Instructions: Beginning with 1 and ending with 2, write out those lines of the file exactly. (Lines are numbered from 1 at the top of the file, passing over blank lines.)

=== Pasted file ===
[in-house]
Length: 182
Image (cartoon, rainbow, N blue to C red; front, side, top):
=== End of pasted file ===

[in-house]
Length: 182